Getting a lift

Port of Wilmington has four giant ones shipped from China to boost its business.
By Maury Faggart

No music played, but the choreography was on a grand scale. After the State Ports Authority put in its order with Zhenhua Port Machinery Co., the Chinese maker of the world's largest cargo-handling equipment had to build and move more than 7,700 miles four cranes as tall as 30-story buildings. It took two months to get them to Wilmington. But when one hoisted cargo in April, the port completed a major step in its five-year, $143 million container-terminal expansion. The project will nearly double the state's ability to handle the ubiquitous metal boxes that, moving by ship, truck and rail, carry most of the consumer products imported to and exported from North Carolina. There's more to come, including a $1.5 billion terminal on the west bank of the Cape Fear River by about 2016.

Getting the cranes built was the easy part, says Walter Taylor, the authority's manager of heavy-lift equipment. That just took money. The Shanghai company's bid - $33.4 million, delivered - beat one by the Korean company that's the world's only other source of heavy port equipment. "At ZPMC," Taylor says, "they've got about 30,000 people working on cranes for ports all over the world. The day ours were loaded, they had 67 others standing there, waiting to be shipped." Its vessels ferry them, assembled, around the globe.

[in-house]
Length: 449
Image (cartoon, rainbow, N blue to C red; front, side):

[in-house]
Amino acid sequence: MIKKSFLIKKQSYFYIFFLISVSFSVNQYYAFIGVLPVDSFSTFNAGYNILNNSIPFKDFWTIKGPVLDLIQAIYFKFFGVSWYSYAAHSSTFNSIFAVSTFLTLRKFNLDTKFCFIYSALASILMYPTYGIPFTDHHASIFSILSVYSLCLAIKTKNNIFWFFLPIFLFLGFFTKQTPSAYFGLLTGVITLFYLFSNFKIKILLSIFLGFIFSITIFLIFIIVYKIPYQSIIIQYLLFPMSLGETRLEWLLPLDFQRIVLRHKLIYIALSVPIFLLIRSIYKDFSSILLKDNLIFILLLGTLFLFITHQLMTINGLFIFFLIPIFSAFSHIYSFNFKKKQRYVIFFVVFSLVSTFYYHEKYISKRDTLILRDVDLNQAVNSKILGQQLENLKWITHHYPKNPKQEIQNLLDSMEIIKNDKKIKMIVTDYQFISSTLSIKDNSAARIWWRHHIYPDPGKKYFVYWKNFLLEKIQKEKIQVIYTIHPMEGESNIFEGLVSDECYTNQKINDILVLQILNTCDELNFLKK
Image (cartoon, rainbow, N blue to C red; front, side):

The 788-foot Zhen Hua 16 departed Dec. 2. Saddled with six cranes, it was too big to negotiate the Panama or Suez canals, so it skirted Africa's southern tip. Unloading two cranes in Jamaica, it sailed to Wilmington. Before docking Feb. 3, it grazed an anchored barge, doing minor damage to the barge and cranes. Then Chinese engineers and their Ports Authority counterparts began a gargantuan balancing act. The cranes tower 345 feet - nearly half the height of Bank of America's 60-story Charlotte headquarters - on legs that stand more than 100 feet apart. Booms that stretch over ships to pick up containers reach out more than 165 feet.

Tar Heel companies already had put in months of work. The port had paid T.A. Loving Co. of Goldsboro $3.9 million to install a rail system to shuffle the cranes along the dock and King Electric of Fayetteville Inc. $3.2 million to update the terminal's electrical system. Now the task was to get the cranes, each weighing more than 1,300 tons, off the ship. Using heavy beams to span the gap, the cranes were aligned with the rails on the dock and, with giant cables, tugged inch by inch off the Zhen Hua 16. "It's like building a bridge" - with one end moving, Taylor says. There were minor problems, but after nine days, the cranes were in place.

Now what? Two factors are crucial in global logistics - speed and capacity, Taylor says. "We'll have them both." The trollies - the wheeled cable pulleys on booms that extend over ships to load and unload containers - on the new cranes move twice as fast as those on the port's older ones, some of which have been in use since 1974. The new cranes' longer booms let them load and unload larger ships. Container ships are measured by how many 20-foot containers - they vary from 20 feet to 40 feet or more, so equivalents are used - they can carry. "We're currently serving vessels that carry just over 5,000 20-foot equivalent units," ports spokeswoman Karen Fox says. "Our new cranes will allow us to handle vessels that carry up to 8,000 20-foot equivalent units." Those are the largest container ships using Atlantic ports.

With the older cranes, Wilmington could handle about 225,000 container units a year. Now it's more than 400,000. "That'll increase our capacity and give more options for North Carolina businesses," Fox says. "It'll put us in the same league as the other big East Coast ports."